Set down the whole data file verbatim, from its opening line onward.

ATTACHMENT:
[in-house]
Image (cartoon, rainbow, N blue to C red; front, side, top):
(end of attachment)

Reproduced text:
[in-house]
Image (cartoon, rainbow, N blue to C red; front, side, top):